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Forestville for February Fun

Now I don’t know how many of you (probably not that many) sprang out of bed some morning in January and said to yourself, “What I’d really like to do is spend the better part of February living out of a motel in Forestville and hobnobbing with the locals all day,” but I did. You might be saying to yourself right now, “They’d have to PAY me to spend February in Forestville” and I agree. In fact they are paying me to do just that, so here I am, firmly ensconced in a surprisingly classy Econolodge, an hour’s drive downstream from Tadoussac, quietly watching Les Canadiens get thumped again, and preparing for (dare I say it?) WORK tomorrow.

That’s right. No longer a parasitic pensioner living off the generosity of an economically challenged nation, I’m now a productive member of the workforce. Well, actually I’m still a parasitic pensioner but, egad, I’m a double dip! I never saw this one coming.

The sordid course of events that led to this state of affairs include that genetically irrepressible need to educate that has plagued most descendants of my dear old Dad, and that some of us have in spades. Tadoussac’s other Anglo, Shawn Thompson, usually has this gig but this year he had a project of his own encroaching on his time so I leapt into the breach; “this gig” being teaching English to about a dozen adults. The CEGEP of Baie Comeau sets up two such classes these days, one here in Forestville and one in Les Bergeronnes, in an effort to help people in the tourist trade to better accommodate their English-speaking customers. It’s a good idea, but I hear it’s not that easy to find someone who knows enough English to teach the program, so they were delighted to find Shawn, and delighted again when Shawn found me. So delighted were they, that no one from the CEGEP interviewed me, checked my qualifications, or even met me until today, which was the second day of classes, and then it was simply to drop off about 40 pounds of books, and 30 pounds of electronics. After explaining how to fill out the time sheet and the expense claims my, er, “boss” beat a hasty retreat back to Baie Comeau. I’m starting to wonder what they’re not telling me…

Jane, for her part, was very supportive. “What? You’re going to be away for a few days out of each of the next five weeks? No, I don’t mind being out here in the woods in the middle of winter all by myself, bringing in the wood, clearing the snow, looking after the dogs, and doing, well, everything. Here’s your coat, when are you leaving?” Hmm…, perhaps a little too supportive…

The first order of business on Day 1, which was yesterday, was for me to introduce myself, make a presentation about the course, and tell the class what they could expect, all in French. I figured after that they would likely be thankful when I switched to English, (“Oh good. Now we can understand him!”) but that wasn’t the case. The sad truth is that my damaged use of the French language is the only lifeline of communication between us, and getting them to speak English is a challenge. As you can imagine, after all of our efforts to do the right thing and speak French as best we can in Tadoussac, it seems absurd to be speaking English in a room full of French people, but that’s what they’re paying me for. I can certainly relate to their frustration!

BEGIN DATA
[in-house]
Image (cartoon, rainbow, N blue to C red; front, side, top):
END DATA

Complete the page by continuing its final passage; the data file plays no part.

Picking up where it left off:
So for twenty hours over a four day week, for five weeks, I’ll be having fun in Forestville. My first tourism-related question to the class was to direct me to all trails that were good for hiking, snow-shoeing and cross-country skiing. After class today I had a great hike on a “Sentier Pedestre” on a mountain down by the ferry wharf and it was spectacular.

I had 8 pics but this was the only one I could put up for some techy reason.  The sign referred to the hiking trail, not my new job.  Really.
I had 8 pics but this was the only one I could put up for some techy reason. The sign referred to the hiking trail, not my new job. Really.

Tomorrow we’re expecting big snow so perhaps I’ll get the skis out of the back of the car – they have set ski-trails a few hundred yards from the motel. The only thing that gives me pause is a conversation I had with my brother-in-law Ian, on Saturday. It was during that that I realized that of my three siblings, one is in Thailand, one is in Hawaii, one is in Costa Rica, and I’m in, (what? gasp!) Forestville?

Quills have come to Tad, so sad!

A short September cruise turned into more of an adventure than it was supposed to be.  Fortunately,  I pulled a “Pam Price” which ended up pretty much saving the day.

Jane was off to Montreal to gather grandkids for a longer long week-end than their working parents could provide, so I headed off with the dogs to have an overnight up the river on my (so far still floating) sailboat Trillium.  There at the marina was a university student from Switzerland who had arrived in Canada ten days previously knowing no one, and who had decided to hitch-hike down the road from Montreal for a little sight-seeing before school.  More than once at dinners at the Prices, Jane and I have been introduced to strangers from afar whom Pam had found in Cotés (or somewhere) and adopted like lost puppies.  We followed her example last fall when a delightful French family of three with a Belgian friend asked to camp on our park property which proved to be very pleasant for us all.